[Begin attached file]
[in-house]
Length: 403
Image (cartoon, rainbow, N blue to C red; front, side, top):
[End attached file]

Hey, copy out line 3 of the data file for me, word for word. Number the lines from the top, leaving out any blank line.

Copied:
Image (cartoon, rainbow, N blue to C red; front, side, top):